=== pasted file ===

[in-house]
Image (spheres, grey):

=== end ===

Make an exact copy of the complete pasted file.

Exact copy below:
[in-house]
Image (spheres, grey):